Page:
Strengthening skills throughout the session
Being a person who learns best by seeing and doing, my time serving as a legislative intern this session has been a truly optimal environment for learning and growing both personally and professionally. Through observing professionals in various agency positions and participating in the work with their guidance and support, I have strengthened skills such as empathy and self-awareness that, although may not be listed in job descriptions, are worth their weight in gold as the post-pandemic virtual divide continues to restructure the workplace. Members of the Legislature seem to recognize the value of experience-based learning, too. Legislation like SHB 1013 — a bill establishing regional apprenticeship programs — are waiting for the governor’s decision, the landscape and possibilities of experience-based learning are growing.
Having worked as a chef for almost two decades prior to my current foray into postsecondary education and policy, merely working in an office setting during this internship allowed me to work on different communication styles, manage deadlines and workflows, and identify opportunities for collaboration with colleagues both inside and outside of the agency. The fast pace of the legislative session was reminiscent of a Friday night dinner service, allowing familiar skills such as organization and adaptability to be honed and sharpened. The concise and efficient communication necessary to be heard over the hustle and bustle of the kitchen set me up for success in the Legislature as well; a world in which there is little time to mince words.
While I was able to strengthen some valuable skills held over from my time in hospitality, some that were paramount to my success in that environment had to be retooled to be successful in this new one. Although the tempo of the session itself was akin to that of my previous professional life, the bureaucracy and legislative process in general called for a level of patience with which I was unfamiliar.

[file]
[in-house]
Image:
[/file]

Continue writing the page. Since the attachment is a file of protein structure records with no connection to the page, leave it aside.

When bills were introduced, wheels were put into motion instantly, analyzing the legislation, forming opinions and coordinating the specifics of testimony. The call to action mimicked the adrenaline of an order coming into the kitchen in which case kicked off a furor of activity: vegetables, proteins and starches sizzling as they make contact with the surfaces of hot pans and broilers; verbal calls being made up and down the production line, informing counterparts of the timeline on the component of the dish originating from their station; calls from the expeditor pushing to work faster and more efficiently, culminating in the service of the ordered items to the guests.
Now in the world of restaurants, unless an error was made along the way, that would be the end of the story. In legislation, however, it was often just the beginning. As bills filtered through their policy and fiscal committees on their way to their chambers’ floors, amendments were filed, new hearings were scheduled, and some bills died. This seemed to provide a sense of variety and continuity all at once as I continued to work on these new versions of familiar documents and continued to advocate for students. This was much different than the almost instant gratification of watching the freshly prepared meals make their way to the guests.
As the session comes to a close and I look back on my very first blog post as a legislative intern, it is hard to find the words to summarize how impactful this experience has been. Advocating to implement change for students such as myself left space for authenticity in my testimony and provided a very personal connection with the purpose of the work. The State Board’s overall focus on equity in the community and technical college system and the opportunity to participate in several DEI conferences and workshops inspired me to further my own work in the area, leading to involvement with several coalitions in the Olympia and surrounding areas. In the coming months, I will be moving to Olympia to continue my educational career in political science in hopes of continuing a career in the advocacy space.
As I sign off for now, a little reminder to be kind to yourselves and each other.